Line of Duty series 3 episode 4 recap: Lindsay Denton kicks ass as the Caddy seeks to cover his tracks

Ben Dowell just about manages to catch his breath after the fourth episode of the hit BBC drama and wonders: where we are going to go from here?

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Lindsay Denton made her presence felt tonight. Or certainly as far as her offender management officer Robin (Brian Ferguson) was concerned.

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The bearded creep offered her £10 (£10!) to perform a sex act on him, thinking that he could exploit a poor vulnerable woman whose life is in tatters for his own sordid ends. But he didn’t know our Lindsay, did he Waddamistakatamaka.

Keeley Hawes’ convicted (but not connable) copper then punched him in a place where the sun don’t shine, videoing his blackmail and sending him out of her horrible halfway house digs with a kick up the bum.

Denton, who was released from prison in last week’s episode, also reminded Robin of the likely sentence for his blackmailing. She may be cleaning floors in a supermarket but she hasn’t forgotten how to do her job.

You’ve got to hand it to her. She doesn’t take things lying down and in the dexterous hands of Keeley Hawes she remains a fabulous, compelling creation. I’m so glad she’s back.

Our Linds (as I now know her) didn’t take any rubbish from AC-12 either, paying a visit to the cops who incarcerated her and extracting every ounce of squirm from the encounter.

“I imagine they keep you very busy,” she quipped, cool as ice, to Polly Walker’s lawyer Gill Bigelow (what a name).

She also got her apology from Hastings and showed Steve Arnott up to his colleagues when she flourished a mobile recording which, she said, suggested they they had had intimate relations while he was investigating her in the last series. Her phone has come in handy, hasn’t it?

But for the do-gooders of this drama her intervention actually had a downside. Kate Fleming (Vicky McClure) was so outraged that Arnott had broken protocol (and more importantly did not tell her what he’d done) that she propelled herself into the weasel arms of awful Mathew ‘Dot ‘ Cottan. After last week’s cosy chilli together, the pair are closer than ever which can’t be a good thing: Cotton, of course, is the cad who we (but nobody else) know to be the Caddy, the organised crime mole at the heart of the police force.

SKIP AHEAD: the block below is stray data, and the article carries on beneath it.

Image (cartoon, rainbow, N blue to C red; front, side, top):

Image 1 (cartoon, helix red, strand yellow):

But while Cottan was revelling in his new-found position (he got a commendation last week for collaring Hari) and cleverly hinting to his bosses that the Caddy may be Arnott himself, it wasn’t all plain sailing for him. His failures to authorise key bits of forensics have been noticed by Arnott and he still has Morton (Neil Morrissey) on his tail.

The key final scene saw Dot breathe a deep sigh of relief as he believed his old friend had handed over all his incriminating evidence. (Did anyone else think Dot was going to plug him with the gun he had secreted into his flasher’s coat? I certainly did).

But we also saw that, rather sensibly, Morton has another phone with (presumably) the same evidence on it. It was a good moment, dramatically, but sounded the episode’s only duff note of implausibility: why would he bring the duplicate phone to a meeting with Cottan? Why not keep it at home or in a safe place?

Anyhoo, elsewhere, we saw Hari admit to killing Waldron (though did he? I mean, did he really? Or has he been pressurised by Dot into ‘fessing up? It’s impossible to tell.)

And the finger of suspicion hovers over Hastings. What was the handshake with Sandbanks suspect Fairbank (George Costigan) all about? Was it Masonic? Is he going to cover for him?

And why is he being so weird about his love-life – wining and dining Gill Bigelow (sorry, I still can’t get over that name) and then backing off just when they kissed?

Also, Bigelow (*chortles*) is pressurising him to get rid of Arnott. So with that and Dot dropping hints, a showdown can’t be far off.

Will Steve be kicked out of the squad, operating outside the team to get to the truth? You can’t help feeling that it will be between him and Dot from now on. And I’d like to see more of Joe, the Sandbanks victim movingly played by Jonas Armstrong. Maybe we’ll see him play a bigger part in the final two episodes – perhaps in league with the disgraced but truth-seeking Arnott…?

It’s unbearably tense now as Steve seeks to ferret out more information while being shut out by his colleagues, one of whom is the arch criminal they are looking for.

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I can’t wait for next week. Only two more episodes to go….

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